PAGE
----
A feat in copywriting alone, Uncommon’s campaign for British Airways featured 500 different print, digital and outdoor ads, which wittily emphasised that our reasons for travel stretch far beyond just ‘business’ or ‘leisure’ – the standard choices offered by airlines when you book a flight. The campaign was widely shared on social media, generating in part a heated debate around the ethics of agencies working for airlines during a time of climate change – an indication, perhaps, of how successful the ads had been.
Tesco, Voice of the Checkout. Agency: BBH London
@tesco The wait is over! The new #tescovoiceofcheckout is… @dogtor_who ♬ original sound – Tesco
This year saw brands continue to try and reach the massive audiences on TikTok in a way that felt entertaining and true to the platform, and not just salesy. One of the most successful ideas came from BBH London for Tesco, which saw participants audition to be the new voice for the supermarket’s automated checkout machines. The campaign generated a massive response and saw the winner, a veterinary surgeon named Izzy, make her debut in stores in November.
Apple, The Greatest. Agency: Apple
Arriving at the start of December, this spot from Apple follows a series of ads from the tech behemoth which have emphasised its role in doing good in the world. While previous ads have artfully shown how Apple can aid data privacy, this epic spot provides ample demonstration of how its products can aid accessibility. Plus, it’s beautifully shot by Kim Gehrig.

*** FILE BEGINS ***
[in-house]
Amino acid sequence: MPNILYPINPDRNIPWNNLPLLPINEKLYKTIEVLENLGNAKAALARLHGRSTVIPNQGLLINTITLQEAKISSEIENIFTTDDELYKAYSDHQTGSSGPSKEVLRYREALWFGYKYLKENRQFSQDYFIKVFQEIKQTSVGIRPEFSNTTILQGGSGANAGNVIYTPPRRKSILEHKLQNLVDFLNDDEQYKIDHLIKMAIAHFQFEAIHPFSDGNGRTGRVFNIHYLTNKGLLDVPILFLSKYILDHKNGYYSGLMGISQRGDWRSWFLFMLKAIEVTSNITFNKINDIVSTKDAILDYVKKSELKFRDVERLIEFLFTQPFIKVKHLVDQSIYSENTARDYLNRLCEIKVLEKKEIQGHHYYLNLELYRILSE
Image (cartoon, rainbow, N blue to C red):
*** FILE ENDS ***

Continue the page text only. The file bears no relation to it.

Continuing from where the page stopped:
Whisper, The Missing Chapter. Agency: Leo Burnett India
This campaign was created with sanitary product brand Whisper (known as Always in the UK) as part of its Keep Girls in School initiative, which looks to change the fact that one in five girls (around 23 million) in India currently drop out of school at the onset of puberty. This is in part due to the fact that menstruation is not covered in school – the ‘missing chapter’ of the title refers to its absence in schoolbooks – so the brand put up murals and shared leaflets in schools and villages to help share information.
Plum Guide, No Time For Average Stays. Agency: Stink Studios
While many still like to proclaim the death of print advertising, there were loads of great print ads in 2022, from Burger King’s meaty veg to Ace & Tate’s sunglasses ads; plus Lacoste’s ageless style. The biggest talking point that we saw though came from these ads for travel brand Plum Guide which, along with an accompanying app, aimed to terrify you into taking a break.
Ikea, Babyboom. Agency: Try, Norway
Ikea had another strong advertising year but this campaign from Norwegian agency Try was probably the brand at its most ludicrous and fun, as it pitched Ikea product names as options for baby names to parents who were struggling for ideas. Amadeus or Rakel anyone?
Coinbase, Less Talk, More Bitcoin. Agency: Accenture Song
If ever there was an ad that summed up the fact that a lot can change in a year, it is this one. Back in February, the Super Bowl advertising seemed to signal that crypto had entered the mainstream with several brands taking out ad spaces, often with celebs galore (including Larry David for um … FTX).
The most audacious spot came from Coinbase however, who simply delivered a bouncing QR code which took viewers to a site where they could sign up for $15 in Bitcoin. While it scored very low for craft, if advertising is about standing out, such a lo-fi approach arguably won Coinbase the Super Bowl. Who knew then that a crypto winter was waiting in the wings?